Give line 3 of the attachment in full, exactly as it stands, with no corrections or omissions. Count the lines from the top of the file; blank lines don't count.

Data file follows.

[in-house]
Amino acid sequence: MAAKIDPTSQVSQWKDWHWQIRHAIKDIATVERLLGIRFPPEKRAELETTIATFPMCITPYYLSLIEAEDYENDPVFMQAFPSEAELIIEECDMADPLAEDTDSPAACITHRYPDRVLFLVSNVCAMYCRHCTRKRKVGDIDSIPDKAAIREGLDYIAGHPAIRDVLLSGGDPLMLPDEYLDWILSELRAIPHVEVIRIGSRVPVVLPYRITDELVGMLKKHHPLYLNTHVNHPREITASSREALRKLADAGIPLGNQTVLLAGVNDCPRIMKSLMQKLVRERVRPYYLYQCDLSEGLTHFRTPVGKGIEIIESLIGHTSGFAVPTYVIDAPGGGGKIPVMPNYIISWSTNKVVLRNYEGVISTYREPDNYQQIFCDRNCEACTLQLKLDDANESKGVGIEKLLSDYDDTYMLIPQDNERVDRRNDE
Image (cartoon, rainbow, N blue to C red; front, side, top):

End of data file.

Image (cartoon, rainbow, N blue to C red; front, side, top):